Douglas Simpson CEng FIMMM (Obit)

Fellows' Lounge
1 Feb 2009
Douglas Simpson

Douglas Simpson CEng FIMMM was educated in Sri Lanka and England and gained an honours degree in Mining at University College, Cardiff. It was there that he met his wife Tarzi after both became active in the Dramatic Society, and they were arried for 65 years until her death last year.

Career history

Douglas started his coal mining career in South Wales as a junior official underground, and then as under-manager after gaining his 1st class Colliery Manager’s certificate. Following nationalisation of the UK’s coal mines, he became manager of Abercynan Colliery at the age of 26.

He was later Mining Engineer in charge of the new sinking of Abernant Colliery and Deputy Area Manager responsible for planning and developing the Rhondda Valley area. Douglas had many fond memories of his work in South Wales and those that he worked with.

Douglas and Tarzi had three children and in the early 1960s the family moved to Horley, Surrey, following his promotion to the National Coal Board (NCB) headquarters in London. He made many trips abroad to consult on mining techniques, including to Canada, Poland, South Africa and Switzerland.

In 1976, he saw the shafts at the US atomic bomb testing site in Nevada. Two years later he delivered a paper on ‘Recovery of Hydrocarbons and Coal in the UK’ to the World Energy Conference in Istanbul. He was among one of the first British delegations to visit Communist China to sell British equipment and expertise. He ended his mining career as Chief Major Projects Engineer at the NCB, retiring in 1984.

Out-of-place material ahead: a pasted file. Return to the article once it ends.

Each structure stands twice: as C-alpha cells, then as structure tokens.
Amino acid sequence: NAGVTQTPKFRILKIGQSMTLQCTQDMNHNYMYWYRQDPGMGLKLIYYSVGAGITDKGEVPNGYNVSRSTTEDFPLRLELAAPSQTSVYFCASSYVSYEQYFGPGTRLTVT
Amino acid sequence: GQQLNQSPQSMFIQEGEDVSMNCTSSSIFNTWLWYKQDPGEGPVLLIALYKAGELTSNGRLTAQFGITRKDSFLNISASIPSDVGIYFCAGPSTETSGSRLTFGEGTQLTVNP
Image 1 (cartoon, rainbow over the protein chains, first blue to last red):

Support for the industry outsite of employment

Douglas was an active member of the former Institution of Mining Engineers and became its President in 1983. He was a founder member of the Worshipful Company of Engineers in the City of London and was made a Freeman of the City shortly afterwards.

He took an interest in the training of young engineers, chairing the Mining Advisory Committee of City & Guilds and sitting on the committee of the Technician Education Council. In 1980 he gave a Faraday lecture, with explosions, to interest younger people in mining.


Interest in politics and conservation

Not long after the move to Horley, Douglas and Tarzi became interested in politics. They were both involved in the local Conservative Party and Douglas was a Surrey County Councillor from 1987-93, including a period as Chairman of the Highways Committee.

He started the Meath Green Protection Society in 1975 because he felt the area of Horley needed to preserve its identity. He chaired the society for 33 years and continued working for Meath Green until a week before his death. In 2006, he was awarded the Council for the Protection of Rural England countryside medal for services to the community. His desire to preserve the green belt extended beyond Meath Green – he was Vice-Chairman of the Gatwick Area Conservation Campaign.

He was a member of the Reigate and District Crime Prevention Panel for many years. In 2004, Douglas was presented a certificate of commendation on behalf of the people of Horley for outstanding service to the community.